Despite recent drops in values and ongoing volatility in the markets, cryptocurrencies remain the currencies of choice for threat actors and vast numbers of individuals attracted by the promise of both anonymous transactions and potential profits. For threat actors, the explosion of ransomware in 2016 and 2017, payments for which were largely made in bitcoins, provided infusions of cryptocurrency. Most underground markets also operate exclusively with cryptocurrencies, making them attractive targets. Recent high-profile breaches and thefts from major exchanges made headlines but many cybercriminals have now turned to coin mining malware, add-on modules for banking Trojans, and in-browser mining software to generate cryptocurrency revenue as ransomware has declined dramatically.
This blog describes the current state of coin mining malware, looks at historical trends driving malicious activity with cryptocurrency, and provides insights for organizations, individuals, and defenders, all of which are increasingly exposed to cryptocurrency-related threats.
Ransomware gives way to bankers and embedded mining capability
With the introduction of Locky in early 2016, an actor we track as TA505 introduced ransomware at massive scale in large global attacks. The large ransomware attacks from TA505 and others continued through much of 2016 and 2017, as did the rapid introduction of new ransomware strains. At the peak of their growth, multiple new strains were being introduced daily, the vast majority of which required payment in Bitcoin. For many consumers, this was a harsh introduction to cryptocurrency. Figure 1 shows a typical ransom message, complete with the “Bitcoin accepted here” logo.
Figure 1: Sample ransom message from Wana Decryptor 2.0
Figure 1 also illustrates a trend that we first reported in our Q4 2017 Threat Report: as Bitcoin values dropped and cryptocurrency markets became even more volatile, threat actors increasingly demanded payments denominated in local currency, even though those payments still needed to be made in bitcoins.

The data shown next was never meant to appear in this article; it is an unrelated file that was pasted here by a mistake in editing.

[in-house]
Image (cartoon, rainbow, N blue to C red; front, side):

By 2018, however, ransomware payloads in email became far less common and were largely replaced with banking Trojans, information stealers, downloaders, and other malware. Figure 2 shows the relative mix of top malware categories in 2018, with ransomware falling far below message volumes associated with other malware families.
Figure 2: Indexed daily message volume of top malware categories, January-June 2018
The Trick banking Trojan drove much of this volume, with Zeus Panda (aka Panda Banker) and Emotet banking Trojan also appearing in frequent campaigns. A newer strain known as IcedID has also seen rapid adoption by several regular threat actors.
Banking Trojans - No longer just targeting bank accounts
Banking Trojans generally operate using webinjects that either modify or replace web pages from online banking sites to steal login credentials, conduct fraudulent transactions, and more. Most banking Trojan campaigns are regionally targeted as the webinjects must be configured for individual banks. However, many banking Trojan campaigns have added cryptocurrency mining modules or bots, known as “coin miners,” as later-stage payloads, expanding a trend that we first reported in Q3 2017. Other bankers—most notably, The Trick—added cryptocurrency mining modules to the primary payload.
At the same time, we have observed webinjects increasingly targeting cryptocurrency wallets and exchanges, as well as international online payment sites, making regional targeting less critical. For example, in March 2018, The Trick added the following cryptocurrency-related injects:
When Cryptocurrency Meets Commodity Malware
Figure 3: Timeline of introduction of mining modules to widely distributed malware; question marks indicate functionality requiring further research
Anatomy of a cryptocurrency miner attack
We have observed coin miners being installed via exploit kits (EKs), web-based social engineering schemes, and, most often, via email. One such email is pictured in Figure 4 and features a strong social engineering component to trick users into clicking the link and downloading the document.